Among the other organizations whose names have been added to the brief are the American Association of Law Libraries, the Association of Research Libraries and the Bay Area Independent Publishers Association.

News from an ASIS&T SIG

Former ASIS&T director-at-large Kris Liberman announces the creation of a new informal ASIS&T Special Interest Group: SIG/KNIT. Formed at the 2005 ASIS&T Annual Meeting, SIG/KNIT is now planning activities for the 2006 meeting in Austin . Contact Kris at kris.liberman<at>fmr.com to be a part of this group.

News about ASIS&T Chapters

The New Jersey ASIS&T (NJ-ASIS&T) chapter, in conjunction with the New Jersey chapter of SLA, sponsored a March seminar on “Open URL and Link Server Basics” at the IEEE Operations Center in Piscataway . The featured speaker was Eric Hellman, CEO of OCLC Openly Informatics.

            NJ-ASIS&T followed up later in the month with a lunch and networking session featuring Anthony Breitzman, principal and director of research at 1790 Analytics. His presentation was based on his paper, "Automated identification of technologically similar organizations," published in the Journal of the American Society for Information Science and Technology (JASIST 56:1015, August 2005). In it, he introduces and validates a method for identifying technologically similar organizations, industries or regions by applying the techniques from information science for term similarity to international patent classifications.

The ASIS&T Student Chapter and The Information School at the University of Washington focused on “Security for Desktop Search in Multi-User Environments” at its March meeting. Charlie Clarke, associate professor, University of Waterloo , and currently on sabbatical as a visiting researcher at Microsoft, discussed a security model for full-text file system search, based on UNIX, and presented two implementations of the model. The first allows an arbitrary user to obtain information about the content of files for which he or she does not have read permission. The second does not share this problem. 

Then in April, the UW Student Chapter and The Information School planned “Does Topic Metadata Help with Web Search?” David Hawking, founder and chief scientist of the enterprise search engine project at the CSIRO ICT Centre in Canberra , Australia , was to report on experiments he conducted to measure the ability of subject and description metadata to improve the accuracy of four types of queries.

The New England ASIS&T chapter (NEASIS&T) homed in on the problems of security in a digital world with an April session entitled “Who Am I and How Do You Know for Sure? Identity Management in a Web 2.0 World.”  Three innovators in the area of identity security, Ben Adida, Dick Hardt and Paul Trevithick, were to discuss the technological, practical and social challenges for individuals and organizations in managing logins and the transfer of sensitive data over the Web.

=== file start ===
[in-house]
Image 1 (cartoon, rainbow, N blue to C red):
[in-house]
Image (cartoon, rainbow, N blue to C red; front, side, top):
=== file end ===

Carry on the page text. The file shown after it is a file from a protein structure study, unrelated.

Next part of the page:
NEASIS&T scheduled its annual awards dinner for mid-May with special guest Peter Morville on tap to discuss Ambient Findability and such included topics as embedded metadata, ontologies, folksonomies, findable objects and the long tail of the sociosemantic Web.

The Indiana Chapter of ASIS&T turned the heat up for its April meeting held at the Emerging Technologies Center at Indiana University . Under the theme “Hot Topics, Hot Tapas!” participants were to tour the center and learn about five hot topics in information science: human-computer interaction, open access, universal access, digital libraries and information visualization.

Each year, the Northern Ohio ASIS&T chapter (NORASIST) and the local SLA chapter sponsor the George Mandel Technology Lecture. This year, the event was schedule for the new Akron Summit County Public Library in mid-April. Xia Lin, Drexel University , was to speak on "Information Visualization and Information Seeking,” exploring the human's visual intelligence in information seeking...the human computer collaboration.

News about ASIS&T Members

Amanda Spink, professor of information technology at the Queensland University of Technology, has accepted a joint appointment as a senior researcher at National Information and Communication Australia (NICTA) (www.nicta.coma.au). She will conduct research funded by NICTA into information behavior and cognitive information retrieval. NICTA plays a major role in the Australian government’s policy to promote science and innovation and to capitalize on Australia ’s extensive ICT talent through world-class basic and applied research and commercialization. In other news, Amanda is an invited keynote speaker at the AUSWEB'06: 12th Australasian World Wide Web Conference, in July in Noosa Beach , Australia . Her address is titled "Web Search and Web Search Overlap: What's the Deal?"

Peter Ingwersen, formerly research professor at the department of information studies, Royal School of LIS in Copenhagen , Denmark , is now a full professor at the department as of January 2006. He continues to head the TAPIR research team on text access potentials by interactive information retrieval and Webometric and Scientometric analyses. In addition, Dr. Ingwersen is co-author with Kalervo Järvelin, Tampere University , Finland , of the recently published The Turn: Integration of Information Seeking and Retrieval in Context (Springer), a presentation of a detailed research framework for integrating hard-core and more interactive approaches to IR and information seeking in task contexts.